I often get asked about what’s the healthiest to eat, and what does it mean to eat in moderation and in balance. Those questions arise from all the confusion around what “healthy eating” is considered nowadays. In my books, trying to eat as many foods made from whole ingredients, and homemade most of the time, makes for a healthy diet. Even if you are making an indulgent meal, it’s much more nourishing made at home than purchased.

So let me make it easy for you – here’s my top 5 tips to eat well without breaking the bank with a dose of planning and a dash of strategy.

All Clear(ance)!

It all starts in the grocery store. The next time you’re in your local grocery store, don’t forget to check out the clearance section which will have produce that is looking a little past their prime or bruised.

 

  • These products are still perfect to be used in stir frys, stews, roasts, and baked dishes where the wrinkles and bruises won’t be noticed verses if you were to eat them
  • They may not make the cut to be sold with the rest of the produce and are therefore sold for a discount
  • These little treasure chests of produce are usually found in the back of the store or at the end of aisles, so be sure to find and take advantage of them.

Home Sweet Home

Cooking at home is one of the most impactful ways you can cut down on how much you are spending on food, if well planned and intended. (You can always make anything blow up your budget *ahem* whole foods *ahem*). Although eating out is convenient and often enjoyable, it can put a dent in your wallet if it becomes a daily habit. There are plenty of healthy and quick meals that don’t need to take you the whole day.

By cooking at home you can:

  • Make large batches and freeze them for convenient meals in the future 
  • Control what goes into your food to get only what you love and enjoy
  • Be creative and experiment with different ingredients and flavours
  • Have food readily available when hunger strikes (or even before, if you’re trying to avoiding the HANGRY status on busy days).
  • For inspiration, check out all the different recipes on this blog such as the avocado and chicken alfredo zoodles (how delish does that sound!).  

Time for a Makeover

When you’ve finished your amazing home-cooked meal, don’t throw out the leftovers! Save money by transforming the leftovers from last night’s dinner into a whole new meal. With a little bit of pizzazz, last night’s casserole can be made into a wholesome, Instagram-worthy stew (see my freebie booklet at the end).

 

  • Think strategically – Think about dishes with similar/complementing ingredients or flavours and have at it!
  • When it comes to leftovers, the first meal/feature component is what you build the rest of your meals aroundif you start with a beef tomato sauce, you can make dishes like shepherd’s pie, spaghetti, sloppy joes, etc… but if you start with soup, there’s not much you can make with the leftovers.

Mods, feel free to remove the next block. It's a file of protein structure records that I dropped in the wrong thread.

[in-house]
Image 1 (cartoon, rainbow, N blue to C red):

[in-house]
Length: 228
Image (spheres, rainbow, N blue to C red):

• There are no bad ideas when it comes to revamping past meals so experiment and cook to your heart’s content

Nameless and Bulky!

Buy in bulk to increase the unit-per-dollar value and get more for your money! Lots of lentils, brown rice and beans can be bought in large quantities and with proper storage in glass jars or large plastic Tupperware (BPA free), these nutrient-dense items can last you months. Some items like nuts and seeds might be better stored in the fridge so they don’t spoil.

By buying generic/store-brand products:

  • You can get the same product at a cheaper price than the brand-name version
  • Buy just what you want and reduce waste
  • Mix and match so you can try new items every time

So why spend more when you can spend less, am I right?!

Tis’ the Season

Growing up, my family always ate local & seasonal foods back home in Lebanon. When I moved to Vancouver, it was very odd to me to be able to get whatever I want all year round – what a luxury! There are multiple benefits for eating seasonally.

 

  • By catering your meals according to the time of year and purchasing produce that is in season where you live, you not only get meals that are cheaper but also have a deeper flavour and more nutrients per bite!
  • When produce is in season and local, they are in their peak freshness and ripeness and do not lose as much of their nutritious goodness as they are shipped from halfway across the world.
  • You can even take this one step further and grow your own fresh fruits, vegetables, and herbs. You will be able to have produce that is at its peak ripeness and nutritional value without breaking the bank as you cut out commercial labour, processing, and shipping.

To help you get started, I want to share with you one of my favorite recipe booklets. It’s all about using one base recipe in 3 different ways. It’s meant to stir your creativity as well – the possibilities are really endless! Enter your email below to get the recipe booklet of 12 recipes, AND it’s complete with the grocery list!

Blog Contributors

This blog was written with the help of UBC nutrition and dietetic students, Gilbert and Celine.

References:

nutriFoodie Blog: 9 Tips for Easy Grocery Shopping (accessed September 19th, 2018)
Available from: https://nutrifoodie.ca/2018/08/22/9-tips-for-easy-grocery-shopping/

Choose My Plate: Eating on a Budget– The 3 P’s (accessed September 20th, 2018)
Available from: https://choosemyplate-prod.azureedge.net/sites/default/files/budget/PlanPurchasePrepare.pdf

Healthline Blog: 19 Clever Ways to Eat Healthy on a Budget (accessed September 22nd, 2018)
Available from: https://www.healthline.com/nutrition/19-ways-to-eat-healthy-on-a-budget#section20